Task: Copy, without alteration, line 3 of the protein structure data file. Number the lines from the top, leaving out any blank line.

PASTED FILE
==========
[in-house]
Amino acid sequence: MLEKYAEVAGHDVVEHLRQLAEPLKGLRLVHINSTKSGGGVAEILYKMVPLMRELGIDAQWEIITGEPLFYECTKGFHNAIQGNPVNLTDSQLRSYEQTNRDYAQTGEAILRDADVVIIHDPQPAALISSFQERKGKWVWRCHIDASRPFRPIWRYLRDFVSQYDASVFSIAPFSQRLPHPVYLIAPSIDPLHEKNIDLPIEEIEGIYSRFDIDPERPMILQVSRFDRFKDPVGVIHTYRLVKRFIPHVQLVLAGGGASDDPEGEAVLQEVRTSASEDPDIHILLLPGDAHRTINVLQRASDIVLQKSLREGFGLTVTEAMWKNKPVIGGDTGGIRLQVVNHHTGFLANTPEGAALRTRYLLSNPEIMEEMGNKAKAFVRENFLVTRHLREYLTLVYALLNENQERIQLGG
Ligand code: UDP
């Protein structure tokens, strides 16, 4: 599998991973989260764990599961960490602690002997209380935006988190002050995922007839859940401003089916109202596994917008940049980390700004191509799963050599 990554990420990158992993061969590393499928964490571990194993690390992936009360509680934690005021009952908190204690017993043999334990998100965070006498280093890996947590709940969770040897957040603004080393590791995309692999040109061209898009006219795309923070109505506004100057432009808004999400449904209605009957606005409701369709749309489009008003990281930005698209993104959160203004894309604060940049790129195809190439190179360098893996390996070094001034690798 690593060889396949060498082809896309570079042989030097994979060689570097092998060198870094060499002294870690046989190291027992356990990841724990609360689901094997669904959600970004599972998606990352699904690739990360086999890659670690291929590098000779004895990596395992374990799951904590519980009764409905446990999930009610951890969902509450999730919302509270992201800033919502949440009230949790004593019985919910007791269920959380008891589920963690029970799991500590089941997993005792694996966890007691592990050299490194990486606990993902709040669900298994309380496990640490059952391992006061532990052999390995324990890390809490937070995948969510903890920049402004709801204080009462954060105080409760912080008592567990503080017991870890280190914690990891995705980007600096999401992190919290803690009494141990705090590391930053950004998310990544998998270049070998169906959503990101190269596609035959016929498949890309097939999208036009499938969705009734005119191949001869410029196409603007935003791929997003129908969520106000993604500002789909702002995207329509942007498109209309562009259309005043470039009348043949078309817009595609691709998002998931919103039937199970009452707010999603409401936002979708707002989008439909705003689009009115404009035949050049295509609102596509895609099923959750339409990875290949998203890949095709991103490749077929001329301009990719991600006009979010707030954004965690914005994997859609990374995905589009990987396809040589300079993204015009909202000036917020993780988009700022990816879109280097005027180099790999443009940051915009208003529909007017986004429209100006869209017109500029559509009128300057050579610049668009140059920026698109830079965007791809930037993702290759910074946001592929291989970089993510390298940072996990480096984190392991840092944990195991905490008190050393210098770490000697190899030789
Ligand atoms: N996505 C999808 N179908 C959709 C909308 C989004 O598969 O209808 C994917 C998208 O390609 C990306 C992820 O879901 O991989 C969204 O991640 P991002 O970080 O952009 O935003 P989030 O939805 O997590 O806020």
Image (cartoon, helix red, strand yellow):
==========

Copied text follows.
Ligand code: UDP